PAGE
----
Over the past four years, the annual growth for predictive upkeep systems in use has been equal to almost 40%, which shows that people have started adopting this to improve their systems.
Many companies and industries around the world have assets spread over a wide geographical area, such as supply chain sectors, logistics sectors, and many scientific industries which rely on exploration and discovery through the use of machinery. While many companies are aware of the importance of knowing exactly where all their assets are is important, it is easier understood than done, and therefore many industries lack this much needed function.
Now, asset tracking may be necessary for a host of other reasons as well, such as better productivity, preemptive maintenance of equipment, and location tracking in case it is stolen or there is a natural disaster. Asset tracking is designed to allow businesses to set out and track any and all such assets, no matter wherever they are, in order to protect themselves against such issues as well as a number of others such as theft etc. An example can be sensitive packages with real-time condition tracking sensors which can be used to check how that package was being handled throughout the entire trip.
Centralized Fleet Management
Many industries out there rely on fleets for many purposes, and therefore need good fleet management systems that can be used to help them reduce and overcome any problems and issues or even potential risks that might be faced during this process. Before Covid-19, North America was on a trajectory to have almost thirteen million working fleet management systems around the country by the end of 2020, aiding different industry manage their fleets. Similarly, South America was supposed to have an increase of nearly one million new fleet systems integrated into the industries in five years, which would be by the end of 2020. While the pandemic may have stopped many industries from reaching that goal, it can be seen that IoT based centralized fleet management systems have already made their mark on the industry, with more and more businesses employing their usefulness to their benefit.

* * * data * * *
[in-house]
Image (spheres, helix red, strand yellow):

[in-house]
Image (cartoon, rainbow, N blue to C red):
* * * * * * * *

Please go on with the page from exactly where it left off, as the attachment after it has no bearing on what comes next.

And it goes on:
To describe in simpler terms, self-aware vehicles are equipped with internet and other connectivity options which allow them to collect data about their driver’s driving habits and analyze their technique. This allows these vehicles to monitor and predict when and where the driver tends to make mistakes, and then act on the driver’s behalf to make up for their weakness. While still a somewhat experimental technology, it has the potential to make roads and driving quite safe overall.
The way the vehicle collects data for analysis consists of the camera array, radars and lasers for proximity checking, as well as GPS for location tracking. Lasers and radars can give us a 360 degree-view of the world around us, which makes it easier to look for areas that might require computer aid.
One of the biggest hurdles when implementing IoT solutions is finding the right use case which fits your scenario, in order to check the plan’s feasibility. That can be a big problem in the industrial environment, where an incorrect use case selection may result in a huge loss. The few examples given above have been thoroughly vetted and tried out by many, so we can be sure that they work perfectly.
If you are looking for IoT capable mobile application services, head on over to Creatix9 to discuss with our veteran IoT experts for the perfect solution to your needs.
Also Read: YI IoT Camera: Does it fulfill its purpose?